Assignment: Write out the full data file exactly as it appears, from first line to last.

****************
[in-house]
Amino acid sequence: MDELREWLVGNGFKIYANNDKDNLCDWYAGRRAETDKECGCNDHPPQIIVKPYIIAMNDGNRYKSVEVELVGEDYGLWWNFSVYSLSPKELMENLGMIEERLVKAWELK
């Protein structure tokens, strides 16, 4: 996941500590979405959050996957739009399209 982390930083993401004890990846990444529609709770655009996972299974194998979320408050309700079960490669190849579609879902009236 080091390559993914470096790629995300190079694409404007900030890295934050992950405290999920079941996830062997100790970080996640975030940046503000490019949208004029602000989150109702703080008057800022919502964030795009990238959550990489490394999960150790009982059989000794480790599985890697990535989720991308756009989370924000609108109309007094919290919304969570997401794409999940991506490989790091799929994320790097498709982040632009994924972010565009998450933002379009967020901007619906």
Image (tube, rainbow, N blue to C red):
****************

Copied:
[in-house]
Amino acid sequence: MDELREWLVGNGFKIYANNDKDNLCDWYAGRRAETDKECGCNDHPPQIIVKPYIIAMNDGNRYKSVEVELVGEDYGLWWNFSVYSLSPKELMENLGMIEERLVKAWELK
């Protein structure tokens, strides 16, 4: 996941500590979405959050996957739009399209 982390930083993401004890990846990444529609709770655009996972299974194998979320408050309700079960490669190849579609879902009236 080091390559993914470096790629995300190079694409404007900030890295934050992950405290999920079941996830062997100790970080996640975030940046503000490019949208004029602000989150109702703080008057800022919502964030795009990238959550990489490394999960150790009982059989000794480790599985890697990535989720991308756009989370924000609108109309007094919290919304969570997401794409999940991506490989790091799929994320790097498709982040632009994924972010565009998450933002379009967020901007619906």
Image (tube, rainbow, N blue to C red):